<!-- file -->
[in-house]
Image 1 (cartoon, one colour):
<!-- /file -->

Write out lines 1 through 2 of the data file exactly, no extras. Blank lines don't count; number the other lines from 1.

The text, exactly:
[in-house]
Image 1 (cartoon, one colour):